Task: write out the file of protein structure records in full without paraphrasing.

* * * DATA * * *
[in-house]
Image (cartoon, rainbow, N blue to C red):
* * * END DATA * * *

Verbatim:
[in-house]
Image (cartoon, rainbow, N blue to C red):